Like espresso?  Want it on the boat?  There are several units that can work -- see which ones readers have recommended.Handpresso:  This comes from reader Nuno Antunes, who says it makes great (true) espresso and is totally manual.  Water is separately heated, the unit is hand pumped and you have to use E.S.E. coffee pods.  Since the grounds are in a pod, clean up is very easy. Nuno said that the biggest disadvantage with the Handpresso is that if you have guests, it just takes too long to make a cup for everyone.

Amazon reviews say that the Handpresso produces a much truer espresso than the Aeropress, clean up is much simpler and it’s smaller — but it costs quite a bit more!  It’s the least expensive “true” espresso maker (using 16 bar of pressure) that anyone recommended.  The small size is also a big plus!  See the Handpresso on Amazon (Amazon also sells the pods) or watch a video showing how it works.  See the European Handpresso site.

ROK Espresso Maker: Also recommended by Nuno and also manual with a separate source of hot water; it does not require pods, so you don’t have to worry about availability.  The down side is that you have to get the grind and tamp just right, which takes a bit of learning for most people, but it does develop about 10 bars of pressure and noticeable crema.  You have to preheat the unit so that hot water doesn’t cool off too much in the brewing process.  Reviews on Amazon are mixed; I think there is a greater learning curve with this than the Handpresso.  To be honest, after watching this demo video, it doesn’t look particularly boat-friendly.  See the ROK on Amazon; many reviewers on Amazon and elsewhere suggest getting a separate tamper (49 mm).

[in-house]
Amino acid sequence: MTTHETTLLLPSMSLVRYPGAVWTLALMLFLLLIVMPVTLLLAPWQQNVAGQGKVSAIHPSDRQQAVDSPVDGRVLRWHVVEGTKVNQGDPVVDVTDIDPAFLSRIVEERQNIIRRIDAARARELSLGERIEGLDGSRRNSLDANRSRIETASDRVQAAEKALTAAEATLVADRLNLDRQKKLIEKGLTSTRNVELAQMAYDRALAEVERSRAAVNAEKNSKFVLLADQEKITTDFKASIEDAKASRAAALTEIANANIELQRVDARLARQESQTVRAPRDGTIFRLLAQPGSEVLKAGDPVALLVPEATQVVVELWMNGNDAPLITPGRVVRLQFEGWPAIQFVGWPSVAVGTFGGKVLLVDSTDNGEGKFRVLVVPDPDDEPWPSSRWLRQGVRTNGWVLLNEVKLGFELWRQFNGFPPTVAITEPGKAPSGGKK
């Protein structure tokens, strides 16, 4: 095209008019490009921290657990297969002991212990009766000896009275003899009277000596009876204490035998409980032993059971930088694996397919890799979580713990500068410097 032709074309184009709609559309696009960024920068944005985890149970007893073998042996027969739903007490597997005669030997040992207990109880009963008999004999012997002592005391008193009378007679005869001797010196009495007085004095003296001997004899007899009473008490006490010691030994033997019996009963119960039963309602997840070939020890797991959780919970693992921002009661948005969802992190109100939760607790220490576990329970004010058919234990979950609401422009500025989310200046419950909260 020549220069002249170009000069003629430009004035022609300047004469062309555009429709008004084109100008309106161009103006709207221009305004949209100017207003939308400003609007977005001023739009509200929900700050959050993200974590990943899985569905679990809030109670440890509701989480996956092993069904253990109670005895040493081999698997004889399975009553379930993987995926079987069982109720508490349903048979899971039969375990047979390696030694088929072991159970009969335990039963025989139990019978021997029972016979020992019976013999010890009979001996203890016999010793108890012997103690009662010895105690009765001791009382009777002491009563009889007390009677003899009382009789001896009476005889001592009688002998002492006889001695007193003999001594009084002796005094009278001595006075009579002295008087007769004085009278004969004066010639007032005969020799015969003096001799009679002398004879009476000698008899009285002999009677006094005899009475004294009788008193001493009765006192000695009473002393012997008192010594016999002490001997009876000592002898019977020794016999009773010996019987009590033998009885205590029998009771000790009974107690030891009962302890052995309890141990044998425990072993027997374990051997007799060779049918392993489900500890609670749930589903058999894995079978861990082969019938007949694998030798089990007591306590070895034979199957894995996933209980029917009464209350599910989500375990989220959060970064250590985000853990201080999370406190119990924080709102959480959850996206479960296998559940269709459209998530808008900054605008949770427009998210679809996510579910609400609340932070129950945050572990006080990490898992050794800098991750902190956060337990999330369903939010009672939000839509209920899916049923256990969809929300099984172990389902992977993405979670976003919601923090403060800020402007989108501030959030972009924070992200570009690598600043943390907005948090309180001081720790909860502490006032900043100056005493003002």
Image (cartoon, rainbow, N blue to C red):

Nuno also recommended the Espresso 12, a 12-volt unit that is apparently available only in Europe (at least I couldn’t find any US sources).  He says it “makes an excellent espresso and it’s quite strongly built. The form makes it simple to fasten in on a bulkhead.”

Additionally, I should note that one reader recommended the Breville Barista Express with grinder, which uses 110 volt power and while considered a mid-price home espresso machine is on the large and expensive side for most boaters.  It does produce the high pressure (15 bar) needed for true espresso, however.  Another recommended the Bellman Stovetop Espresso Maker which does not need electricity and can develop about 5 bar of pressure (the instructions say to use 1.5 but users say they can get 5); it gets mixed reviews, producing a good cup of espresso but being futzy to use and a pain to clean.  At nearly $200, I’d also call it on the expensive side for something that seems hard to use and clean.

Any other recommendations for an espresso maker?  Has anyone tried the Keurig Rivo or the Nespresso?  I’ve seen ads for both and they seem to get good reviews, but no one has commented yet about how satisfied they are — particularly for boat use.

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23 Comments
  • Captain Tiki
    Posted at 20 December 2013 Reply

    Thanks for comparing the various espresso makers. I use 2 of them- the Bialetti and the Aeropress. I like them both. I may get a Handpresso in the future if I happen to win the lottery. 😉 Is there a source of less expensive pods? Can you use pods that aren’t specifically made for the Handpresso?